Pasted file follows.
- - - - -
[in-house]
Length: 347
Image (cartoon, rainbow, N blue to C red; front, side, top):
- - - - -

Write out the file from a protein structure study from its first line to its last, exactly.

[in-house]
Length: 347
Image (cartoon, rainbow, N blue to C red; front, side, top):